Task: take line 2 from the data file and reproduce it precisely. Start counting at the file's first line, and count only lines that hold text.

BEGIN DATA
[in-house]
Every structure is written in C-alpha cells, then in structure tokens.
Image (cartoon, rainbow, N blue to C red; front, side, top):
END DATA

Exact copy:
Every structure is written in C-alpha cells, then in structure tokens.